SHAPE Celebrates Children’s Day at State Capitol

January 30, 2014

Georgia has 2.4 million extremely valuable assets -- its children.

DPH Commissioner Brenda Fitzgerald, M.D., joined Georgia chefs and other children's health advocates at the State Capitol.

On Jan. 23, more than 20 organizations came together at the State Capitol to celebrate them on Children’s Day, an opportunity to advocate for the health, safety and education of children across the state.

Georgia SHAPE, Gov. Nathan Deal’s program for fighting childhood obesity, joined the celebration, along with Brenda Fitzgerald, M.D., commissioner of the Georgia Department of Public Health.

"None of us wants to see our children suffer the effects of being overweight or obese. They are our future," Fitzgerald said. "That's why it's so important that we help them do the right things right now -- get more physically active, eat more fruits and vegetables and limit screen time."

Lawmakers and visitors to the Capitol were given the chance to learn more about SHAPE programs, including Power Up for 30, a program that encourages elementary schools to include 30 extra minutes of physical activity to the school day for every child. The attendees also played fun, interactive games at the SHAPE booth and watched the latest SHAPE video, showing how Power Up for 30 has made difference for students and teachers at Sope Creek Elementary School in Marietta, Ga.

This was the third annual observance of Children’s Day at the Capitol. The event is sponsored by Voices for Georgia’s Children, a nonprofit child policy and advocacy organization established in 2003. The goal of the event is to draw legislators’ attention to issues affecting children. In a given session of Georgia’s General Assembly, legislators file more than 2,000 bills in the House and Senate; according to Voices for Georgia’s Children, more than 200 of those bills in recent years have been specific to children.

“Children are citizens without a vote so we must be their voice,” said Pat Willis, executive director of Voices for Georgia’s Children, in a press release.  “Children’s Day at the Capitol is meant to highlight the many bills that address the specific interests of children but also to ask our lawmakers to think about the impact every vote they make has on the children of their district.”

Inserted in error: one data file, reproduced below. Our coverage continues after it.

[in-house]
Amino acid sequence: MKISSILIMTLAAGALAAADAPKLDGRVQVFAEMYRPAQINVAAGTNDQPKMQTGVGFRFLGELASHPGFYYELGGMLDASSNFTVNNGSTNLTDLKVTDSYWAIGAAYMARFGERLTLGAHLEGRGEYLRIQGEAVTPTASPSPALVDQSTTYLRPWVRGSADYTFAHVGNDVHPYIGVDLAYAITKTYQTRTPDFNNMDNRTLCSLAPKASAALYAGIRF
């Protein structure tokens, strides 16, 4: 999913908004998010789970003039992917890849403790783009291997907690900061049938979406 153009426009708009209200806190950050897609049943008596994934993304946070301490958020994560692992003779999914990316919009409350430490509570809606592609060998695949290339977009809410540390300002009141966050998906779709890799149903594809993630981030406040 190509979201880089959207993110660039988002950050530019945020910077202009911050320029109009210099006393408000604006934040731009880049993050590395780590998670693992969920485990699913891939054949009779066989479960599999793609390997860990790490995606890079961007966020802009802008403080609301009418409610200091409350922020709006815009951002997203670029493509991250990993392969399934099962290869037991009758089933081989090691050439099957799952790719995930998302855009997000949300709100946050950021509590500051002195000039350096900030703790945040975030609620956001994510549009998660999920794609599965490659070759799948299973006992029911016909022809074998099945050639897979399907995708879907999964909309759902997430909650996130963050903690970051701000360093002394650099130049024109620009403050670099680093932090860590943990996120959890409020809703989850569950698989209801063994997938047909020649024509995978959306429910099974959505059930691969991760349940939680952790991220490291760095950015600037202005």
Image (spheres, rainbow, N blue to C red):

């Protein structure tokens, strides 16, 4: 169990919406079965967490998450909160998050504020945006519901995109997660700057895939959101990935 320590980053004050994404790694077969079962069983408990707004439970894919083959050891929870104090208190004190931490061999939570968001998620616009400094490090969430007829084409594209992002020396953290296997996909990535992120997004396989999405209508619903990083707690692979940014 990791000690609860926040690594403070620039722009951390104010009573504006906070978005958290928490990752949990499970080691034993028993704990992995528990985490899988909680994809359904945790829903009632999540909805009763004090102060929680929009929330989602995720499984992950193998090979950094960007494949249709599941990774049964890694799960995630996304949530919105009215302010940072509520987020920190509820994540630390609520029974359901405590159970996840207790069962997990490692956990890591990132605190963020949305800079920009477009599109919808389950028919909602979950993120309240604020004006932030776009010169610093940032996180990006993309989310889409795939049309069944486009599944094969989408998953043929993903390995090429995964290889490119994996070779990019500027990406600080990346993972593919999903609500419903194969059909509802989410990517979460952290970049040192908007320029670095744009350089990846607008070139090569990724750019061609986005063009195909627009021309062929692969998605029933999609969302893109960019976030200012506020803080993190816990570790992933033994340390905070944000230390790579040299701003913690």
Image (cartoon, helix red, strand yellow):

Improving the health of Georgia’s children by reducing childhood obesity has been the primary mission of Georgia SHAPE since the program’s creation in 2011. Georgia ranks 17th in the nation for childhood obesity, third in the nation for overweight children and 10th in the nation when both factors are combined. With a focus on good nutrition and making physical activity a regular, fun part of everyday life, the program is working to help Georgia’s children become more physically fit and active.

For more information, visit

You might like...

September 1, 2016

Georgia Shape is pleased to announce that 218 schools received the 2016 Governor’s Shape Honor Roll recognition for their outstanding work in building classroom-based student health programs.

May 26, 2016

­­­­­­­­­­­­­­­To help celebrate the close of the 2015-2016 school year, Georgia Shape helped elementary schools across the state gear up for an active summer with a Power Up for Summer celebration.

March 1, 2016

Walk Georgia and Georgia Shape are working together to challenge teachers and students across the state to move more.

Recently, they held a month-long contest challenging Georgia schools to get moving and log their active hours in the classroom. Prizes for the winning classroom included recognition during the Atlanta Hawks game on Feb. 20 as well as classroom and teacher prize kits.